Using less energy is the most reliable way to save money and cut costs on the farm. Try these energy-saving strategies to reduce your reliance on energy and improve your homestead’s resilience.
Several years ago, as fuel prices rose and I read that up to half of the average U.S. farm’s expenses could be attributed to energy, I decided to see how our farm compared.
Our energy consumption was only 8% of our total expenses, and that included two delivery trucks that we ran four days a week.
We calculated at the time that diesel fuel could cost up to $10 per gallon, and we’d still be fine. Although we still use a lot of fuel, we’re relieved to know that if everything goes wrong, we’ll be the last man standing.
While this percentage difference does not necessarily mean profitability, it does indicate a degree of resiliency. There are numerous advantages to reducing energy consumption and dependency.
But how do we go about it?
Here are some tips for saving energy use
Reduce the transportation of feedstock
You should never use fuel to transport bulky feeds, such as hay, to your animals. What you can do instead is to transport the animals to the hay. Ideally, we feed hay close to where it was harvested.
We outgrew our single barn many years ago and decided to build a second one. The new one would be built near the old one, clustering the farm’s infrastructure to take advantage of existing roads, water lines, and power.
However, on our farm, all of the farm infrastructures are not centrally located. As a result, we constructed the new barn at the far end of the property.
As a result, when we make hay, we have two storage options, greatly reducing transport energy.
We have close fields to receive the compost generated by the hay feeding when we spread it in the spring. This reduces run time even more.
Decentralized infrastructure that is strategically placed to reduce haul time saves not only energy but also time. Multiple structures located throughout the farm provide additional storage and usage options.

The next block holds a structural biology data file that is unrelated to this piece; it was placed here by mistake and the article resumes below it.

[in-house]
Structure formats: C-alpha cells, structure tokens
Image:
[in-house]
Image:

Coordinate your trips across the field
Trips with heavy machinery are costly. Don’t make empty trips and you should load the machinery both when youre going and when your coming back. By doing so you can plan your vehicle movements for maximum efficiency. This is why our pastured poultry farms have onboard or nearby mobile feed storage.
You can carefully plan refills for those times when you need to go out by stocking feed on-site. Alternatively, we can fill multiple feed boxes at once. We can begin, then make a loop around the various containers before returning home.
Saving more than 40 single-function trips and machinery starts over the course of a year adds up to energy savings.
The required trip to town is one of the most energy-intensive activities.
How many errands can we complete in one trip? Can we reduce our trips to town from two to one per week with careful planning?
This alone can save us thousands of dollars in fuel costs each year.
Replace machinery work with human labor
Our lightweight, highly mobile chicken shelters are the most visible example of this on our farm. The most common criticism leveled at this model is that the shelters must be moved by hand.
As a result, people try to use garden tractors or front-end loaders or design larger shelters that necessitate the use of a tractor—anything to avoid using human labor to pull the shelters along.
We have yet to discover an alternative to using machinery that outperforms human labor in terms of time spent per chicken.
When you factor in the cost of machinery, the trip to the field, road maintenance, and the deterioration of numerous tracks across the field, replacing equipment work for human labor can often yield significant energy savings.
We tried bringing firewood in long lengths to the woodpile and cutting it there a few years ago.
Using the front-end loader forks to pick up the long lengths, loading them onto a wood cart and then unloading them is just counterproductive. It’s much more efficient to cut up the pieces of wood in the field and load them onto a trailr by hand.
It is even more efficient with a dump trailer. A little sweat often beats a machine, not always, but occasionally. Find the sweet spots where hands can compete.
The cost of hauling manure and ventilating structures is reduced when animals are kept outside.